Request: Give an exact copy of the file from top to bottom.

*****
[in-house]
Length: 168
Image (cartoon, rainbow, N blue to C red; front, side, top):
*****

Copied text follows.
[in-house]
Length: 168
Image (cartoon, rainbow, N blue to C red; front, side, top):